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[liberationtech] Critically Examining "What Would Happen" if the U.N. (or another international body) Administered the Internet?
zack at thereboot.org
Tue Jul 16 15:32:09 PDT 2013
Thank you for fast response. I may have framed my question incorrectly, so
I want to try and respond for clarifications in case others have
>...at a greater degree of remove, whether any nationalistic form of
governance would, in the long run, preserve the end-to-end model.
Recognizing the U.N. or any multi-stakeholder international body has
nationalistic influences within it, can it be described as nationalistic
body itself? Moreso than ICANN? I might be missing something very obvious,
so thanks for clarifying.
>Most people believe that if governments were to gain control over Internet
governance, that they'd do what they do with everything else, and start
making national-scale divergences from the current global standards.
Again, I think this may reflect that I am starting from false assumptions,
but I'm suggesting to not give governments control, but instead vest a
multi-stakeholder body with administrative power. Governments would have
influence through some form of representation, but not outright control, or
at least control filtered through internal competition/checks and balances.
>It's very difficult to talk for very long about the abstract theory of all
this, before someone drags in the actual, more complicated, situation,
wherein the U.N. isn't just the U.N., but also the ITU, and the ITU isn't
just the ITU, but the ITU staff, and three camps of ITU member states that
are at odds with each other,..
Well understood, but isn't that internal 'at odds' part of the potential
positive benefits from a multi-stakeholder structure? Am I missing
something in my understanding of ICANN as only having one camp, the U.S.
government and commercial interests?
Thanks much for sharing Bill.
On Tuesday, July 16, 2013, Bill Woodcock wrote:
> > Have there been nuanced and balanced explorations of how the U.N. (or
> another international organ) could serve as reasonably equitable hub for a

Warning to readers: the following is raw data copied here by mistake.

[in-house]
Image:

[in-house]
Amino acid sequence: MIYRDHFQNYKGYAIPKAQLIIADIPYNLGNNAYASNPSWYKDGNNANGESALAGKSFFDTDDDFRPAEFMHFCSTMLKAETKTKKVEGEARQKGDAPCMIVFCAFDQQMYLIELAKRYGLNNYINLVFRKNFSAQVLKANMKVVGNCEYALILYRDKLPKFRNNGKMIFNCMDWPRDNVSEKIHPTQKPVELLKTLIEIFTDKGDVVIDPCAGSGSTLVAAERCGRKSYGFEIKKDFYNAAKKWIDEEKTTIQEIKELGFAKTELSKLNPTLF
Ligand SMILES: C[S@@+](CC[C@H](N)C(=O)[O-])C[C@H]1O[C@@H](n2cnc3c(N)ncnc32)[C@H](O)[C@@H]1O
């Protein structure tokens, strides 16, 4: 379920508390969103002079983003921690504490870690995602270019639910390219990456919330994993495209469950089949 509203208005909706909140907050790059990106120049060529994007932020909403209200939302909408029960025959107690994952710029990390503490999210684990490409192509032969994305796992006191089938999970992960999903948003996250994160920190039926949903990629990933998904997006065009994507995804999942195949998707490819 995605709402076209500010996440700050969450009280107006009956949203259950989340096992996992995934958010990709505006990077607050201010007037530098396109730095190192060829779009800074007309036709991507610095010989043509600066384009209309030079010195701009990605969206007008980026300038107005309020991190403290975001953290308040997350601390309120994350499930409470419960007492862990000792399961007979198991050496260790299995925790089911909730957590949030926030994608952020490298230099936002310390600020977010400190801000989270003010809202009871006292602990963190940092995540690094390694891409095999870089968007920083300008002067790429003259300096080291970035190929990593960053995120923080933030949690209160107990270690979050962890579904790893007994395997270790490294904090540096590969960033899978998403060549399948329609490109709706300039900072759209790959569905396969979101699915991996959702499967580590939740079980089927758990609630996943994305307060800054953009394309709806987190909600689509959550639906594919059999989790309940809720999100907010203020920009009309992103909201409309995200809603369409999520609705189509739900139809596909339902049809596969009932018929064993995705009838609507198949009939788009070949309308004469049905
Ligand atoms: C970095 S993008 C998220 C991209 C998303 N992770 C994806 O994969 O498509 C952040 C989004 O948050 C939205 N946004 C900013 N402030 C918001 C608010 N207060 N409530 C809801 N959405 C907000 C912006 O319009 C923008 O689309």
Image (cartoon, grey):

> multi-stakeholder Internet from actors others than those with a clear
> position biasing their analysis? Having worked closely with the U.N., I am
> under no illusions as its infallibility or consistent effectiveness. But is
> this "End of the Internet/Internet Freedom" truly an inevitable outcome for
> either technical or political reasons?
> It's not a question of the "end of the Internet," it's a question of
> whether the U.N. has any way to facilitate the continuance of bottom-up
> multistakeholder governance (since that's not how they operate, and none of
> their structures natively support non-governmental decision-making), and at
> a greater degree of remove, whether any nationalistic form of governance
> would, in the long run, preserve the end-to-end model.
> Most people believe that if governments were to gain control over Internet
> governance, that they'd do what they do with everything else, and start
> making national-scale divergences from the current global standards.
> They're strongly incentivized to do so, at the expense of global markets,
> and the global public, the vast majority of whom are not their
> constituents. It's a potential tragedy of the commons, which is held in
> check by the fact that it's currently communally governed, rather than
> individually governed, so it's governed in the common good, rather than to
> the maximization of individual goods at the expense of the whole.
> It's very difficult to talk for very long about the abstract theory of all
> this, before someone drags in the actual, more complicated, situation,
> wherein the U.N. isn't just the U.N., but also the ITU, and the ITU isn't
> just the ITU, but the ITU staff, and three camps of ITU member states that
> are at odds with each other, and that whole mess is just a pawn in the
> larger WTO chess-match, etc., etc., etc.
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zack at theReboot.org
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